In his 2014 October General Conference talk, Elder Russell M. Nelson made several statements concerning the leadership of the LDS Church that I just don’t get:
The ways of the Lord are different from the ways of man. Man’s way is to remove people from office or business when they grow old or become disabled. But man’s ways are not and never will be the Lord’s ways.
The word “remove” here is pejorative, and unnecessarily harsh. Why would a prophet who is “disabled” want to continue in a position where he is unable to function? And are we really sure that life-time appointments are “the Lord’s way”?
The calling of 15 men to the holy apostleship provides great protection for us as members of the Church. Why? Because the decisions of these leaders must be unanimous. Can you imagine how the Spirit needs to move upon 15 men to bring about unanimity?
The problem with this statement is that it is a recipe for disaster during these times of escalating change. For example, just think how long it took the LDS leadership to deal with the issue of the priesthood ban for blacks? Can we always wait for a unanimous opinion?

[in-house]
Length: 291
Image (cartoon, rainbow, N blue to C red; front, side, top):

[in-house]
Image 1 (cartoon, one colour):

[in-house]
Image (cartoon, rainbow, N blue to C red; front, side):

The Apostle with the longest seniority in the office of Apostle presides. That system of seniority will usually bring older men to the office of President of the Church. It provides continuity, seasoned maturity, experience, and extensive preparation . . .
Here Elder Ballard misspoke. He didn’t mean usually, he meant “seniority will always bring older men to the office.” It means you bring someone to the head of the Church who is at least 3 generations removed from the youth of the Church. It almost guarantees that the Church will be run by someone with serious health problems. But never fear:
[The] system provides for prophetic leadership even when the inevitable illnesses and incapacities may come with advancing age. Counterbalances and safeguards abound so that no one can ever lead the Church astray.
I don’t think members worry so much about being “lead astray;” they worry about a leadership that is in capable of action particularly in an age of rapid scientific and technological change.
If we should have learned anything in the last few years, it is that sometimes problems need immediate action. The LDS Church will not always have the luxury of waiting decades to make important decisions. And how can one do that with “disabled leaders” and a required unanimity. The leadership model that Elder Nelson espouses looks like a continued recipe for disaster.